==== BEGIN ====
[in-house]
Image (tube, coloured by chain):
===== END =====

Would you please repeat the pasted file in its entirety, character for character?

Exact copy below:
[in-house]
Image (tube, coloured by chain):